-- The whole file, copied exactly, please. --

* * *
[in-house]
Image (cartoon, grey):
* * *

[in-house]
Image (cartoon, grey):